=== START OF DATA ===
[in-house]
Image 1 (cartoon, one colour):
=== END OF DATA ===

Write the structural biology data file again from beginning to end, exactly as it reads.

[in-house]
Image 1 (cartoon, one colour):